The Democratic National Convention is more than nine months away, but officials are already making promises about how much money the city stands to make.
But will this be like the Papal visit all over again?
Whether or not Mayor Michael Nutter wants to admit it, he touted a week prior to Pope Francis’ trip to Philadelphia that the city stood to gain some $400 million in economic impact. Crowds of millions were originally expected and restaurants braced for full houses.
But that didn’t happen, and a number of major business owners and restauranteurs in the city whined that business was slow all weekend and some complained that they were duped by the city into thinking the Papal visit would mean big bucks.
During a press conference Thursday with the Democratic National Convention committee, Nutter stood alongside the CEO of the convention Rev. Leah Daughtry while she said the overall economic impact of next July’s convention could be somewhere around $350 million.
“There’s no question, I would anticipate during that week virtually every, any kind of serious restaurant or other business to pretty much be sold out,” Nutter added.
So DNC officials are estimating $350 million in economic impact, and that’s largely based on what was reported back in 2000 when Philadelphia hosted the Republican National Convention and the host committee said that it injected $345 million into the local economy through both direct and indirect spending.
Taxpayers footed about $40 million of the bill to put on the RNC in Philly that year, but the overall economic impact figures that were released after the convention was over don’t seem to take into account business that was potentially lost because the DNC was in town.
Drexel professor and economist Mark Stehr told NBC that Philadelphia will “probably” make some money on this, but real economic impact is likely to be “nowhere close to the full amount that would be spent.”
Economists often say that host committees largely inflate projections of economic impact when it comes to major events. Robert Baumann, an economist and professor at Holy Cross University, studied more than 30 years worth of data from Democratic and Republican National Conventions. According to an abstract of his findings, “the presence of the Republican or the Democratic National Convention has no discernable impact on employment, personal income, or personal income per capita in the cities where the events were held.”
He explained to Billy Penn in August that most projections for large events use flawed baselines to predict how much cities make when they host mega events. My colleague Mark Dent explains it like this:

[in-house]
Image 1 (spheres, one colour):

Baumann says many projections compare the anticipated amount of new business from a mega event to zero, as in zero capacity at hotels and and no money made at local restaurants. A city like Philadelphia, with record-breaking tourism numbers in recent years, would probably have hotels at least partially occupied in late September (many of the profits realized by hotels will also go to national or international chains). Our thriving culinary scene already would make significant amounts of money on a normal September weekend.
For instance, in 2004 when Boston hosted the DNC, analysts said after that there was a net impact of just $15 million because of other losses in business that the convention spurred.
The Philadelphia Convention and Visitor’s Bureau and a spokesman for the mayor deferred comment on economic projections to the DNC committee. But the PCVB did release a much more modest projection in February when Philadelphia learned it would host the DNC next summer, estimating an overall economic impact of $170 to $250 million.
In 2012, Charlotte, N.C. hosted the DNC and its projections prior to the event were dubbed “wildly inflated” by economists — they said to expect a $170 to $250 million overall economic impact. That’s obviously much less than the $350 million figure touted by officials here on Thursday. In Charlotte, total direct spending was somewhere around $91 million and some 40 percent of local businesses surveyed characterized the DNC as a negative influence on sales, according to The Charlotte Business Journal.
“Some restaurants won, and some didn’t,” a Charlotte organizer told NBC. “I wouldn’t say that every restaurant and every venue would say it was a home run.”